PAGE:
Otaku Emcees & The Hidden East Influence 1
H I P H O P’s evolution has led to being the world wide leader in pop culture. As the momentum continues, Hip Hop’s growth is also due to Asian customs aligning itself within the culture. This cultural lineage has existed since the early 1960’s and has continued to take shape in the present. No other custom is more prevalent in Hip Hop today, anime may very well be the next step in Hip Hop’s evolution.
East meets Westside can mostly be contributed to the rise of martial art films in the 60’s and 70’s. Black people took such a liking to kung fu movies and Bruce Lee, that there were few blaxplotation films that would incorporate martial arts such as Three The Hard Way, Cleopatra Jones and one of my faves from that genre, Dolemite, played by Rudy Ray Moore.
Quick Question: No one ever wondered why all these drug dealers and pimps just knew Kung Fu, out of no where? A pimp slap is bad enough but a Pimp slap with combos behind it, now I feel sorry for the ho.
The pioneer of Eastern culture fusion to Western boom bap resides in The Rza. Not only did RZA conduct the raw sound that gave Wu Tang their grit but also conceptualized their albums with the Eastern Chinese Martial Arts of Shaolin Monks.
Enter the Wu- Tang (36 Chambers) 1993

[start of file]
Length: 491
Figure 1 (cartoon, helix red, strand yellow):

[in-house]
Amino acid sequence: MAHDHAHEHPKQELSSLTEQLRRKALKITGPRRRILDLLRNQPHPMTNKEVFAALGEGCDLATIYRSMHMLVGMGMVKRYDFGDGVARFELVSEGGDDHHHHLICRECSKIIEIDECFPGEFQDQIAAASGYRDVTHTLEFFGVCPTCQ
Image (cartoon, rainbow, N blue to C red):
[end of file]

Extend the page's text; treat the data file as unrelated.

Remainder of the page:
The RZA has produced the score for anime, Afro Samurai (2007) Afro Samurai: Resurrection (2009), starring Samuel L Jackson. Do yourself a favor, see both of them. The amount of character originality and visual swordplay that goes into it is well worth your time; especially if you paid to see Batman Vs Superman.
In the early 2000’s, Mainstream Artists, such as Lupe Fiasco, have gone on to name specific works in their verses; comparatively to “Lupin the Third”, an anime which follows the escapades of title character, Arsene Lupin III, who is an international master thief. The character was created on the manga workings of writer Monkey Punch
“Yes, Yes, Yes guess who’s on third?
Lupe steal Like Lupin the Third” (Touch The Sky)
Even Yeezus has used elements of Anime via cover art for his 2007 album “Graduation” illustrated by contemporary Japanese artist Takashi Murakami and for his music video “Stronger” which dived into Katshurio Otomo’s classic, Akira.
The duality of Anime and Hip Hop is not exclusive only to Midwest and East Coast Artist. Elements of Anime can even be seen in the artwork of West Coast Artist . Cam Gnarly and Noa James , Both representing the IE, include Dragon Ball Z drops in their music and social media.
Aaron McGruder’s beloved Boondock series (not the final season though, we’ll just put that next to The Chappelle Show Season 3) brilliantly uses Anime characteristics, in most of Huey’s visions or battles, be it battling Stinkmeiner as the blind samurai or taking on Grandpa’s Wolf Bitch at the dinner table.
The Boondocks spoke to a generation through humor but its weapons of influence was in the capability of merging decades of culture into a cohesive motion gallery.
Is this the next wave in the culture to follow the turn up era? Could we one day see an Oscar nominated animation of a 2D love story about a foreign warrior trying to return home. Orchestrated by Mustard On the Beat Ho! I don’t know but I’d pay to see that, especially since I paid to see Batman vs. Superman.